Masculinity and the Idea of Boyhood in Postwar Ontario, 1945–1960
Publication Year: 2014
Ontario Boys explores the preoccupation with boyhood in Ontario during the immediate postwar period, 1945–1960. It argues that a traditional version of boyhood was being rejuvenated in response to a population fraught with uncertainty, and suffering from insecurity, instability, and gender anxiety brought on by depression-era and wartime disruptions in marital, familial, and labour relations, as well as mass migration, rapid postwar economic changes, the emergence of the Cold War, and the looming threat of atomic annihilation. In this sociopolitical and cultural context, concerned adults began to cast the fate of the postwar world onto children, in particular boys.
In the decade and a half immediately following World War II, the version of boyhood that became the ideal was one that stressed selflessness, togetherness, honesty, fearlessness, frank determination, and emotional toughness. It was thought that investing boys with this version of masculinity was essential if they were to grow into the kind of citizens capable of governing, protecting, and defending the nation, and, of course, maintaining and regulating the social order.
Drawing on a wide variety of sources, Ontario Boys demonstrates that, although girls were expected and encouraged to internalize a “special kind” of citizenship, as caregivers and educators of children and nurturers of men, the gendered content and language employed indicated that active public citizenship and democracy was intended for boys. An “appropriate” boyhood in the postwar period became, if nothing else, a metaphor for the survival of the nation.
Published by: Wilfrid Laurier University Press
Title Page, Copyright Page
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There are a number of debts associated with this book. First and foremost, I would like to thank Rebecca Coulter who has always been a constant source of inspiration. Her continuous support and encouragement, as well as her wise, prudent, generous, and thoughtful counsel, has helped sustain...
Introduction: Approaching Boyhood In Postwar Ontario
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As these observations suggest, in country town as in burgeoning metropolis, among local commentators and highly trained professionals alike, the early post–Second World War years saw Ontarians much preoccupied with the nature and potential of boyhood. Ontario Boys explores these public discourses during the so-called Baby Boom years, from roughly 1945...
1. Home, Family, Citizenship: Shaping the Boyhood Ideal
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The popular and professional ideas on boyhood in the late 1940s and the 1950s took shape in a social and political context impacted by dislocations and upheavals in marital and familial relations brought on by Depression era and wartime conditions. Out of this social and political turbulence came a...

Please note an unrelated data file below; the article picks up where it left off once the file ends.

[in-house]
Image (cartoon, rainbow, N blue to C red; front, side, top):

2. One for All: Teamwork and the Boyhood Ideal
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The growth of corporate culture in postwar Ontario compelled corporations to draw attention to the problems of administration and management that arose when men worked in groups rather than individually. What corporations required during the postwar period was the right kind of...
3. One above All: The Heroic Ideal in Boyhood
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Competing models of masculinity emerged as traditional notions of rugged individual manliness were superseded by a much more corporate mindset. Some adults promoted a version of boyhood that would help boys become men in grey flannel suits, who would slide easily into corporate...
4. Dissonant Ideas: Other Boyhoods
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As Ontarians strove to regulate boyhood, a key issue was the bad boy. For many adults, this version of boyhood stood in direct contrast to the normal boy. The bad boy was imagined as probably from a workingpoor neighbourhood and as incapable of integrating himself with the “normal”...
5. Changes and Continuities: Historic and Contemporary Boyhood Ideals
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Looking over the postwar years, it is not hard to see this period as something of a familiar story: concerns about boyhood ran alongside a broader “crisis” in masculinity. Once again, concerns about the status of boyhood have emerged front and centre in the gendered landscape of public discourse...
6. Conclusion: Making Ontario Boys, 1945–1960
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In the immediate postwar years in Ontario there existed a deep preoccupation with boyhood, in reaction to the uncertainty, insecurity, instability, and gender anxiety brought on by Depression era and wartime disruptions in marital, family, and labour relations, rapid postwar economic changes, the emergence...
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References and Sources
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Page Count: 220
Illustrations: 1 Illustrations, black and white
Publication Year: 2014
Series Title: Studies in Childhood and Family in Canada